More than my two front teeth

christmasWithin just a few feet from me as I write this, one can find the Christmas wish lists of my three sons.  Those lists are an interesting insight into their personalities; the youngest boy’s list mentions bungee jumping while the oldest boy’s list consists entirely of computer parts and snowcone syrup.  It is the season in the HoochLaw household where previously unspoken wishes and wants are written down and shared with impunity.  And with that as a backdrop, I too have written down a few items – the wishes and wants (personally and professionally) of a HoochLawyer for the 2016 Christmas season.

Peace on Earth (or at least within the industry).  One of the delightful things about working in this industry is the spirit of collegiality among the participants.  But the number of those participants continues to increase – and while I love welcoming those new to the spirits business I worry that the ever-growing cast of characters may outpace the rate of responsible consumption.  Put another way, I worry that with every additional proof gallon being produced the competition among producers for consumers’ attention (and dollars) is increasing.  Competition is healthy, but it can also promote unpleasant behavior, sharp dealing and enmity.  We already have healthy competition.  It would be disappointing to see friendly (but fierce) competition turn ugly.  In this holiday season, the wish for peace among all warring countries seems difficult to even articulate, let alone obtain – so I’m wishing instead for peace and continued collegiality among spirits brands at home and abroad.

New Friends and Clients.  On a personal front, a 2016 Christmas wish is to continue to meet new friends and develop new client relationships (and there is considerable overlap among those groups) in the coming year.  Among my colleagues, it is no secret (though it is perhaps something of a point of jealousy and friendly teasing) that my HoochLaw practice is an awful lot of fun – bringing with it interesting people, fantastic field trips and an office bar exceeds many commercial establishments.  I’m looking forward to the continued expansion of this journey.

Reasonable Changes in Laws and Regulations.  Put kindly, many of our laws and regulations governing the spirits industry are simply outdated.  Others are relatively recent but may not fairly reflect the state or needs of the industry.  And still others are simply bad policy.  One of my 2016 Christmas wishes is that we make some progress addressing these challenges in the coming year.  At the federal level, that progress could come from passing tax changes that reduce excise tax burdens on the smallest producers – giving them critical breathing room as they try to grow their businesses.  At a state level, there is much progress to be made as well.  Here in Washington, for example, distilleries’ tasting rooms operate at a distinct disadvantage to bars – both in terms of the amount and type of items they can pour for consumers.  This has prompted some clever participants to build restaurants and bars adjoining their facilities.  But with some reasonable and commonsense changes to laws and regulations such machinations might not be necessary.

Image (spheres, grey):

Sufficient Capital.  One of the biggest challenges facing all but the largest producers is access to sufficient capital on reasonable terms.  This capital squeeze hits newly-minted DSPs before they even fire up their stills.  And it hits established producers as they try to grow their businesses, expand production and enter into new markets.  As one of my wishes for the 2016 Christmas season, I’d like to see exponential growth in the availability of capital to these producers.  I’m hoping that Indiegogo’s recent launch of equity crowdfunding on their site will help fulfill my wish.  But candidly I don’t see Indiegogo alone providing the level of liquidity that is needed.  Rather, it will take continued interest by the public in funding these businesses – and a continued willingness of DSPs to accept that investment even if it means dilution of the founders’ interest – to fill this need.

Really Good Hooch.  As the last item on the HoochLaw Christmas wish list, I’ll throw in another personal item – continued opportunities to sample really excellent spirits. In the past year I was fortunate to try some amazing stuff, from small batch Amaretto made by two guys in British Columbia to extra añejo Cuban rums, to American single-malt whiskies that rival anything made with a Scottish brogue.  Incredible stuff; I can’t wait to see what new (and new to me) spirits I have a chance to try in the months ahead.  [Note: I actually received a bottle of really good hooch for Christmas – a bottle of Westland Single Cask Reserve was left in my chair with a note from Santa that it would be a nice addition to my office collection.  Thank you, Santa, whoever and wherever you are – and I promise it will be a nice addition to the office collection as soon as I finish sampling it by the fireplace this weekend.]



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